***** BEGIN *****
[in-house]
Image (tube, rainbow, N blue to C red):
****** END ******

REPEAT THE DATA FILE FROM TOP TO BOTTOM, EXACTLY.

[in-house]
Image (tube, rainbow, N blue to C red):